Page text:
Decree No. 56/2017/ND-CP guiding the Law on Children sets out regulations on protecting children’s privacy rights. Chapter IV, Responsibility to protect children in the internet environment, has defined confidential information of children’s private life and personal privacy.

“Article 33. Private information of children.

Private information of a child is information on name, age, and characteristics for personal identification, information on health status and privacy written in health records, personal images, information on family members and caregiver of the child, personal property, telephone number, mail address, information on residence place and a native place, information on the school, class, learning result, and friends of the child, and information on services provided for the child. (Excerpt from Decree No. 56/2017/ND-CP)”

Defining privacy is complicated, controversial, and not significant. However, it is urgent to introduce the concept of private information and clarify the privacy violations. Although these regulations are only for children and are limited to the online environment, they are remarkable strides.

Secondly, based on identifying acts of invasion of privacy, it is necessary to build a legal system on administrative-criminal sanctions and civil liability for actions that infringe on privacy. In particular, we shall reform the regulations on compensation for loss of honor, dignity, and reputation for people whose privacy rights have been violated.

Thirdly, raising people’s legal awareness plays a prominent part. It is vital to develop internal regulations and conventions for social organizations and residential areas, which is like an additional measure for privacy protection in the social environment.

Fourthly, it is indispensable to perform well the obligations to the international community and commitments to which Vietnam has joined, enlist the consensus and support of the international community, as well as protect the country’s interests in international organizations in the field of human rights protection. Thanks to that, we can enhance the prestige and position of Vietnam in the world, contributing to the construction and defense of the Fatherland.

Fifthly, in terms of information and communication, it is essential to rationally develop all types of information, effectively manage and prevent false information, affecting the stability and sustainable development of the country, as well as information that has a negative impact on society, infringing on citizens’ privacy. In addition, it is recommended to review and correct the situation of press agencies that don’t follow their principles and purposes and don’t comply with the law, especially the Press Law, for ensuring privacy. Educating, training, and regularly improving journalists’ morality also play an urgent role. Furthermore, it is imperative to effectively coordinate to ensure network security, secure correspondence, and enhance security for forms of private information transmission. Finally, we shall promptly prevent and handle acts of cyber attacks and illegal collection of personal information.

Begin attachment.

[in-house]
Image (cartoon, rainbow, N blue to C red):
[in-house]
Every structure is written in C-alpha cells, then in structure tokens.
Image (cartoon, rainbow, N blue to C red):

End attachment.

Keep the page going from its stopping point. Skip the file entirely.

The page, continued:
To sum up, privacy is a fundamental human right that underpins respect for human dignity and other values such as freedom of association, thought, and expression. In Vietnam, issues on privacy need to be thoroughly studied to ask competent authorities to issue legal regulations to regulate social relations related to privacy to meet the requirements of modern society.


1. La Khanh Tung. Some issues of privacy protection in the internet environment, printed in the book: The Right to Privacy. Hanoi: National Politics - The Truth, 2018.

2. Law on Electronic Transactions 2005. Article 46. Confidentiality in electronic transactions. 1. Agencies, organizations, and individuals shall have the right to select confidentiality-ensuring measures following the provisions of law when conducting e-transactions. 2. Agencies, organizations, and individuals may not use, provide, or disclose personal information or information of other agencies, organizations, and individuals they have access to or control in electronic transactions without their consent unless otherwise provided for by law.

3. Law on Protection of People's Health 1989. Article 25 of the Law on People’s Health Protection in 1989 stipulates the responsibilities of a physician: “must keep secret the items related to disease or personal information that he/ she is known on the patients”.

4. Nguyen Thi Que Anh, Vu Cong Giao, Ngo Minh Huong, La Khanh Tung. The Right to privacy. Hanoi: National Politics - The Truth, 2018.

5. Report of the Special Rapporteur on promoting and protecting freedom of opinion and expression, 2011, A/HRC/17/27.

6. Resolution No. 68/167 dated January 21st, 2014 on the right to privacy in the digital age of The United Nations Human Rights Council in the 68th session.

7. T. Thuy. More than 1/3 of the population of Vietnam owns Facebook accounts. Dan Tri electronic newspaper. Url:, updated at 02:00 P.M on March 18th, 2016. - Thư mục tài liệu Khoa học Xã hội và Nhân văn.

#buttons=(Bỏ qua !) #days=(20)

Hội thảo Khoa học QT xuất bản kỷ yếu ISBN, tham dự từ xa cập nhật tháng 10 và tháng 11 cho NCS và giảng viên XEM CHI TIẾT
Accept !
To Top